Conservatives are operating on the assumption that it’s an irredeemable disaster that they can ride all the way to 2016; but the facts on the ground are getting better by the day, and Obamacare will turn into a Benghazi-type affair where Republicans are screaming about a scandal nobody else cares about.
And it’s already starting to happen.
Krugman presents two pieces of evidence for his optimism: First, the White House sounds really upbeat. (Yes, that’s really half of his argument.) Second, he points out, the media coverage has shifted. I don’t even think that’s true (it wasn’t this morning on CBS News), but his tacit assumption is that the media coverage is driving people’s anger, and not the other way around. I’d just put it this way: You wouldn’t see so many negative stories about Obamacare if there weren’t so many people out there being affected by it negatively.
I’m not going to say that Krugman’s scenario is impossible, but as Townhall’s Guy Benson points out, Democratic politicians don’t seem to share his optimism at all. And anyone who can read polls, gauge Obamacare enrollment in the states whose exchanges are functioning, or who understands the upcoming pitfalls present in Obamacare — some by design and some by accident — knows that this is wishful thinking with flimsy evidence. (Krugman has actually been writing stuff like this almost since the Obamacare exchanges launched.)
Still, I find the Benghazi comparison interesting. One might wonder why an arguably more serious failure of government like that one (people did die, after all) has only aroused interest among Obama’s critics, whereas the Affordable Care Act is sending President Obama to new lows in the polls every day.
The explanation I’ve offered when asked is that most people weren’t there at Benghazi and don’t know anyone directly affected by it. In contrast, it’s likely that almost everyone in the real world knows somebody whose insurance is either getting canceled or becoming more expensive (or both) or even outright unaffordable to them because of the Affordable Care Act.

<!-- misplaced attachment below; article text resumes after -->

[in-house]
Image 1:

Krugman is a Nobel Prize winner, a well-paid columnist, and a bestselling author. I assume he’s a millionaire. I don’t hold that against him, but from reading all of these repeated and reflexive defenses of Obamacare, it seems safe to say he doesn’t share much in common nowadays with regular, everyday people who are not poor yet must always worry about money.
For most of us, a few hundred extra per month for a health plan won’t put out of house and home, but it might mean no trips to visit family next year, a less generous Christmas for the children, no date night this week or next, less to save for retirement, no The New York Times subscription, and generally fewer chances to enjoy life with the modest salaries we earn.
These aren’t Paul Krugman concerns, though, so it’s easy to see how rising premiums and deductibles, and other people’s loss of health plans they liked and were promised they could keep, could seem as distant as the shores of Cyrenaica.